I’ve been thinking about this idea for awhile, and I thought I would put a name to the thought. I brought up this idea while I was giving my “Real Life Scaling” presentation at the Utah Open Source Conference in 2009. Here is the problem I think most individuals in the web development face:
Hopefully at some point, your website gets a lot of traffic. Yay, you’ve reached your goal of getting good traffic, but it is soon followed by issues with performance and load. I like to call these the growing pains of a website. So as a web developer, I suddenly have the epiphany of “Hey, I need to scale my website!” What follows next is the biggest mistake a web developer can make:
They start looking at articles on how Google scales, or maybe how Facebook manages all of their traffic.
This is a mistake! To be brutally honest, you are not Google. You are not Facebook. You are not Twitter. You are a website that receives less than 0.000001% of the traffic that some major websites receive.
Why is this dangerous for web developers to do? Google, Twitter, Facebook, and others like them are solving complicated at a very large scale. I remember a presentation by a Twitter engineer who developed a program for a unique ID generator that can generate millions of IDs per second. The probability of you needing this type of solution is about the same as being struck by lightening. Applying these same practices at a much smaller scale are not realistic. If a locally owned grocery store wanted to open a second store, they would not adopt the same practices that Wal-mart use to manage their 8970 stores.
A Little Reality Check
I’m sure that most of my readers know of StackExchange.com. They power the popular website StackOverflow and several others. They have about two million visitors per day. That is a lot of traffic. StackOverflow is ranked #123 on Alexa. So you would imagine that they have a very large infrastructure serving all of this traffic?
Earlier this year, Stack Exchange wrote an article about their production environment. I was surprised on what exactly they were using. In paticular, the number of Production Servers*:
- 12 Web Servers (Windows Server 2008 R2)
- 2 Database Servers (Windows Server 2008 R2 and SQL Server 2008 R2)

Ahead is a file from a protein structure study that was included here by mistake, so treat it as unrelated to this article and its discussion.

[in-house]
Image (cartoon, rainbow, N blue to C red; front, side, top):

- 2 Load Balancers (Ubuntu Server and HAProxy)
- 2 Caching Servers (Redis on CentOS)
- 1 Router / Firewall (Ubuntu Server)
- 3 DNS Servers (Bind on CentOS)
That is 22 servers for 2 Million Visits per day, serving 800 HTTP requests per second. Now, StackExchange did clarify that they did have other servers for management and fail over, but 22 servers handle their production load. This is a website that is ranked the 123rd most visited website in the world.
Honestly, most websites could be run on half a dozen servers if designed and configured correctly, including redundancy. Some really busy websites could run off a dozen servers. Unless you’re in the top 5,000 websites on the web, you really shouldn’t be worried about large-scale techniques.
So when you’re website is starting to grow, and you leave small scale, you’ll enter the phase of “Middle-Scale.”
What is Middle-Scale?
Middle-Scale is like being an awkward teenager:
You know that you can’t be the only one suffering through this, but you’re unsure how to proceed. It feels like you’re missing missing out on things everyone else must already know, but aren’t talking about. Like everyone else are awesome vampires or something:
But the reality is this: they don’t have some awesome secret! They are just normal teenagers.
This same idea applies to Middle-Scale websites.
Middle-Scale is when the most important things are still the best practices. Only now when you deviate from them you can feel those consequences. When you only had 100 users, a couple of nested queries and missing indexes didn’t cause that much of a problem. Your database is powerful enough to hide the inefficiencies. However, when you get to 10,000 users, your database can no longer hide the inefficiencies.
Middle-Scale is when simply separating your web server and database server isn’t enough. You’ll probably need to add some sort of cache like memcached. You’ll need to start tweaking your MySQL, Apache, and PHP configurations.
Then, after you’ve ironed out your inefficiencies, you’ll start to use multiple servers. You’ll probably add a Load Balancer with multiple web servers. After that, you’ll probably have some sort of Master-Slave replication for your Database for backups and fail-overs.
You start to leave this “Middle-Scale” classification when you move to multiple data centers, and start to do some load balancing at the the DNS layer. This is when you’ll start to have a dedicated sys-admin team.
Okay, I’m Middle-Scale! So what should I do? Where do I look?
First off, you must adhere to best practices. If you are working with PHP, research PHP performance and best practices. Do they same for each of your technologies, like Apache and MySQL. You will need to stop treating your application as one big app, and start to understand all of it’s moving parts.